Donald Trump’s surprising Ramadan message to Muslims

Offering warm greetings on Ramadan and hosting an iftar meal have been standard White House behavior for decades during the major Muslim holiday — but not during the Trump presidency . That appears to be changing.

Ramadan last year featured a White House holiday statement focusing on terrorism, including President Trump’ s comment that the sacred holiday tens of millions observe “ strengthens awareness of our shared obligation to reject violence. ” The White House and the State Department broke with tradition and didn ’ t hold a celebratory iftar ( the ceremonial break – fast meal each sunset during Ramadan ) .

But Tuesday, the White House
released a statement with a markedly different tone, saying Ramadan “ reminds us of the richness Muslims add to the religious tapestry of American life. ” The month-long holiday begins this week.

The White House is also exploring working with the State Department to host an iftar in early June , said Ray Mahmood , a prominent Muslim real estate developer who has long been involved in interfaith diplomacy in the D . C. area .

“ I think they are doing one, from what we ’ ve heard , ” Mahmood said . Asked about the weight of such a ritual event at a time when the country is experiencing a rise in anti – Muslim rhetoric and actions, and as the White House continues in court to press what candidate Trump called the “ Muslim ban, ” Mahmood said these steps are significant .

“ I think they are very important to the Muslim community. At least they feel the president at the White House is doing this , which shows some tolerance and acceptance , ” he said Wednesday .

Deputy White House press secretary Lindsay Walters said Wednesday that the White House had “ no update at this time . ”

Relations between most Muslim Americans and Trump soured during his candidacy after he proposed banning all Muslims from the United States as a security measure against terrorism. In 2016, he began advocating mosque surveillance , saying that “ we have to go and we have to maybe check , respectfully , the mosques. ”

Most Republican voters supported Trump’ s proposals , but polling this month shows that a majority of Americans think Trump’ s policies “ have further disadvantaged Muslims , ” according to research done in February by AP -NORC Center for Public Affairs Research .

Why the moves are happening isn’ t clear, and the White House wouldn’ t comment on that question , but some longtime observers of the way presidents have engaged with Muslim issues noted that last year Stephen K . Bannon was still chief strategist at the White House . Bannon has long sharply criticized Islam in various ways and many considered him hostile to Muslims . Bannon left the White House in August .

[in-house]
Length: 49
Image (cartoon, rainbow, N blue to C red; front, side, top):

“ I ’ d argue there is a sense of urgency that ’ s more acute because anti – Muslim sentiment has become so mainstream . There is a feeling these types of events are needed even more , ” said one of those observers.

The White House is exploring holding a relatively small iftar June 6, with a few dozen people invited , according to some who had heard of the planning. Attendees primarily would be ambassadors from countries with large Muslim populations , and some U . S . Muslim leaders .

Although the Muslim American community is small , its voting power has in recent decades been very concentrated in one party or the other for president . President George W . Bush got 78 percent of the Muslim American vote , but the GOP bond began to nose -dive after the attacks of Sept . 11, 2001, and the Iraq War , and the subsequent rise in anti -Muslim rhetoric . Barack Obama and Hillary Clinton won huge majorities of Muslim Americans.

Even so , for many , these events that may seem to most Americans like simple social happenings can reflect symbolic and even policy and political implications . Even with wide Muslim American voting support for Obama, for example , some Muslims urged boycotts of Obama’ s iftars to protest what they considered improper U . S . surveillance of mosques, and also U . S . support of Israel in its engagement in Gaza .

A former State Department official said that such parties are carried out by protocol officials but that the events ’ existence is driven by policymakers and thus should be viewed through that lens .

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